PTSD is an actual mental illness diagnosis.  It is a very serious diagnosis.  Those who have this disorder have terrible symptoms that can disrupt their lives, interfere with relationships and social interactions, take away the ability to work, to sleep, interfere with the functioning of a person’s memory—even the ability to reason.  In past times, the symptoms now recognized as PTSD were given other names.  In World War I, men were “shell shocked,” in World War II they had “battle fatigue.”  It wasn’t until long after the end of the Viet Nam war that PTSD was identified for what it truly was: a severe anxiety disorder that could result when someone was faced with a life and death situation they had no control over.

There are still things about the disorder that are not understood.  Not everyone who experiences or witnesses a life-threatening event ends up getting PTSD, and we don’t know why.  Because we don’t know what happens in the brain when a person has PTSD, there is still no definitive understanding of why one person gets PTSD and the next one doesn’t.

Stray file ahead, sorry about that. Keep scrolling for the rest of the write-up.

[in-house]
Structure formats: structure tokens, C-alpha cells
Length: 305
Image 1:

Secondly, to actually be diagnosed with the condition, Post Traumatic Stress Disorder, a person has to have a certain number of symptoms from a lengthy checklist.  Foremost, the person had to have believed his or her life was threatened by a particular event, or had to have witnessed the same happen to someone else.  But there are a few more symptoms a person has to have in order to be considered to have the actual disorder.  And the symptoms are gruesome.

Just to give you an idea of what we are talking about, here are some of them:

  • Flashbacks, where the person believes for a moment or longer that he or she truly is back in the life and death situation and living it all over again in vivid detail;
  • Uncontrollable thoughts about the traumatic event that the person just can’t get out of his or her head;
  • An increased startle response to a noise or movement where he or she jumps and reaches for his or her weapon (which is no longer there in most cases) such as when a car backfires;